March Madness is upon us. Bracket “experts” will emerge from the woodwork, fresh off watching their first college basketball game of the year, to tell you with absolute certainty who will win the National Championship. I don’t claim to be an expert, but I watch a ton of Michigan and Michigan State hoops, and I can say with a pretty good deal of confidence that Michigan will move on and Michigan State will be sent packing.

Michigan survived a harrowing plane incident to become the lowest-seeded team to ever win the Big Ten Tournament. After losing to Northwestern on “The Pass,” the Wolverines are 5-0. They have five wins over tournament teams in their last 10 games. Derrick Walton Jr. is proving to the Big Ten voters why he deserved to be on the all-conference first team. Zak Irvin is finally coming into his own after being an enigma for most of the season. Moe Wagner’s offense is blossoming before our eyes, even if his defense leaves something to be desired.

It might be surprising that a Michigan State grad is showering praise on the hated Wolverines. But hey, I’m a journalist now, I have to be objective (most of the time). Their first round opponent, Oklahoma State, is trending in the opposite direction of the Wolverines. They’ve lost three games in a row, albeit to Iowa State twice and Kansas, two of the top teams in the Big 12. Their last impressive win came all the way back in the beginning of February against West Virginia.

The guard play will be a key deciding factor in the matchup. Jawun Evans is one of the top guards in the nation and is a finalist for the Bob Cousy award for the nation’s best point guard. Evans averages 19 points and six assists per game and will give fits to whoever draws the undesirable task of guarding him. The Cowboys also boast one of the top offenses in the nation, scoring about 85 points per game, but they leave much to be desired on the defensive end. That’s why Michigan will win this game.

Michigan’s offense is already steamrolling teams. Wagner is an absolute matchup nightmare (just ask Purdue) and the Cowboys won’t be able to slow him down enough. With¬†Muhammad-Ali Abdur-Rahkman emerging as a secondary scorer and DJ Wilson providing some explosiveness, the porous OSU defense will be left in the dust. But that strong offense will keep the Cowboys in the game.
Michigan 82, Oklahoma State 70

I’ve watched just about every game Michigan State has played this season, I’ve been to games in person, I’ve been to practices, I’ve talked to the players and I still have no idea what to make of the Spartans. Their youth makes them inconsistent, but also dangerous in the postseason. They will face a Miami Hurricanes team that is led by senior Davon Reid and junior Ja’Quan Newton. When scouting a Michigan State opponent, the first thing to look for is height. MSU simply can’t beat good teams that outsize them (see Purdue).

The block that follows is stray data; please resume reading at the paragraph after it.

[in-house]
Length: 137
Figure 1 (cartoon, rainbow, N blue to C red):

In terms of size, Miami has a slight advantage. Their leading rebounder, Kamari Murphy, is 6-foot-8, but weighs 30 pounds less than MSU freshman Nick Ward. Miami has three more players 6-foot-10 or taller, but none of them start. What tips the scales in my mind is the lack of experience for the Spartans. They’re anchored by four freshmen playing in their first NCAA tournament, two sophomores that played injured last season against Middle Tennessee, one junior who has no offense to speak of in Tum Tum Nairn and one senior who has never played major minutes for Michigan State until now in Alvin Ellis III.

Every Michigan State team in recent memory has had an elder leader on the floor that brought everyone together and became a coach on the floor, while simultaneously being a playmaking threat. Last season it was Denzel Valentine, the year before was Travis Trice and the year before that was Adreian Payne and Keith Appling. No one jumps out to me this year as a guy who can not only be the emotional leader, but also be the playmaking leader like all of those previous names could. Nairn is the emotional leader, but he’s not even the best point guard on the roster. Miles Bridges is by far the best player, but as a freshman he simply doesn’t have the experience to be the leader during the NCAA tournament.

Lack of size, lack of experience and lack of depth are what will doom the Spartans in the first round against Miami, but don’t expect Tom Izzo’s squad to go down without a fight.
Miami 65, Michigan State 60

Advertisements